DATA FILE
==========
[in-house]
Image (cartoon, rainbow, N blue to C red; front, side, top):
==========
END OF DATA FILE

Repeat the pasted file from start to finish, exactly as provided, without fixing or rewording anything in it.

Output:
[in-house]
Image (cartoon, rainbow, N blue to C red; front, side, top):